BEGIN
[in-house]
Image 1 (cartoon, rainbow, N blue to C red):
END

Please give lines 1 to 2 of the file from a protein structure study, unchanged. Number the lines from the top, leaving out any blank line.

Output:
[in-house]
Image 1 (cartoon, rainbow, N blue to C red):